First, think. Second, dream, Third, believe. And finally, dare.” – Walt Disney

Samir Decazza carries some of those traits that are quite difficult to forget or ignore. Far from denying his strong aura and unique talent, the 25 year old French–Moroccan actor deserves more than anyone to be under the spotlight as he has accomplished quite a lot in the past year, to say the least.

Born in the French South, the rising star is restlessly overcoming most challenges he encounters with a distinct and unparalleled style. Hardworking by nature, Samir’s journey so far has certainly not been without any hurdles, reason for which we sat down with the gifted comedian to see what his experience in the industry has been like so far.

For the first time on Fucking Young’s exclusive set, meet SAMIR DECAZZA:

Hey Samir! You come from a little village near Avignon, tell us more about your childhood and upbringing?

I was born in Avignon and grew up between Cavaillon and Marseille. I grew up in a working-class neighborhood with all the folklore and adventures that come with growing up in a poor neighborhood!

What pushed your parents to leave their native Morocco?

My father wanted to give his children an education in a better system

Give us a fun fact about yourself. Where does Decazza come from?

It is the name of my great grandfather who came from Italy to settle in Morocco! It was Dicazza that evolved into Dcazza in Arabic phonetics!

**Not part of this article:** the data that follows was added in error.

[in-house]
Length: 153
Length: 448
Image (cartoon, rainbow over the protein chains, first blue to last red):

After your high school graduation, you went to University in Marseille and graduated with a degree in Management and a Master’s in Purchasing. After that, you turned everything upside down and decided to leave for Paris to pursue your dream of always: becoming an actor. Was it a hard choice to make? What triggered you to follow your dream?

My studies were in some ways to end the family hold and my father’s goal in coming to France! He wanted me to have access to studies so that’s the path I took. Even though I always wanted to play other people and characters than myself, I didn’t know that it could be a profession.
When I identified it as a career, unfortunately, the context in which I was living didn’t allow me to see any way out of it to become an actor one day!
In the end, I believe that everything ends up being done naturally! So I chose precarity and uncertainty rather than doing a job with a clear future. It’s hard sometimes but at least it’s never boring.

How and when did your interest in the silver screen begin?

I was 7 years old as far as I can remember, but especially when I got a keychain camera that I won at the fair and that could be used as a webcam if you plugged it into the computer! So I started to film myself and to put on fake TV shows with my 7 and 5-year-old brothers who were willing to play the game. Otherwise, I would stage my Dragon Ball Z figures, then after filming them, edit it on my computer. I already had the notion of editing when I think about it, it’s crazy.

One of your first notable experiences on the big screen was through Houda Benyamina’s Divines, which was met with great success nationally here in France and abroad. Talk us through that experience.

I discovered the association 1000 visages when I arrived to finish my studies in Paris. This is what allowed me to have confidence and to finally be interested in this profession! The goal of the association is to democratize the cinema among disadvantaged people or who can’t afford studies in this field! By hanging out in the association I was able to meet Houda, the founder, who was giving us classes at the same time as the preparation of her film. She ended up choosing me for one of the secondary characters Gervais who will end up being cut in the editing. On the set I was able to walk where I wanted and always be in her paws which allowed me to sharpen my sense of directing, I observed her and her kindness mixed with her determination to lead the actors to the truth gave me the trigger to do the same one day.